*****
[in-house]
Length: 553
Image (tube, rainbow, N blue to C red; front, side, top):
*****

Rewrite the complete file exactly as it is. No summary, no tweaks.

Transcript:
[in-house]
Length: 553
Image (tube, rainbow, N blue to C red; front, side, top):